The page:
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Federal Judge Orders Plan to Clean Up Mercury in Penobscot River

ORRINGTON, Maine - The former owners of an Orrington chemical plant must pay for an engineering study to figure out how to clean up toxic mercury dumped in the Penobscot River in the 1960s and 70s.

U.S. District Judge John Woodcock ordered Mallinckrodt US LLC to finance the remediation plan in a ruling issued Wednesday.

Cleaning up the pollution - caused by the HoltraChem Manufacturing Company - will likely be one of the largest and most expensive environmental remediation projects in state history.

HoltraChem dumped 6 to 12 metric tons of mercury into the river. The Maine People's Alliance and The Natural Resources Defense Council first sued Mallinckrodt US LLC - which acquired the HoltaChem site 14 years ago - in an effort to force the clean up.

"I've been working on this case, personally, for almost 17 years," says Nancy Marks. Yesterday was a high point for Marks and the other lawyers representing the plaintiffs in the long-running case. Marks is a senior attorney with the Natural Resources Defense Council.

Earlier rulings in U.S. District and federal appeals courts had found that Mallinckrodt was liable for the pollution. The courts also ordered a group of scientists to study the extent of the damage.

In Wednesday's ruling, Marks says U.S. District Court Judge John Woodcock shifted the the focus from debate over damage to the river to what needs to happen to clean up the mess.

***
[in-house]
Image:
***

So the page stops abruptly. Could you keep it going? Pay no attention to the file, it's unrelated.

"He really understands the consequences of this pollution to the river and the ecosystem connected to it and the people connected to it," Marks says. "And he cares about it. And he understands that it's important to fix it because it's not going to fix itself."

To come up with a remediation plan, Woodcock is calling on Mallincrockdt, the Natural Resources Defense Council and the Maine People's Alliance to work together, with the help of a "special master," and agree on the hiring of an engineering firm, on the company's dime.

Scientists on the earlier study panel found evidence of eels, crabs and black ducks with mercury limits that exceed the Maine standard for safe human consumption.

Pregnant women cannot safely eat fish caught in the lower Penobscot. And the Maine Department of Marine Resources has been forced to close a seven-mile stretch of the lobster fishery at the mouth of the river due to mercury contamination.

Marks says Judge Woodcock will continue to monitor the case closely.
 
"You know, if the parties can agree on a firm, and the special master endorses it, then the court will probably endorse it," she says. "But if the parties can't agree on an engineering firm, then there will have to be a process to make a decision about that. And Judge Woodcock would be responsible for that."

Officials with Mallinckrodt would not agree to a taped interview. But in an e-mailed statement, a spokesman for the company said, "Mallinckrodt US LLC will work collaboratively with the Natural Resources Defense Council and the Maine People’s Alliance to work toward an immediate, thorough, open and independent process that will speed the recovery of the Penobscot River and estuary. This ruling allows us to move forward with specific studies to better understand issues we all agree require attention."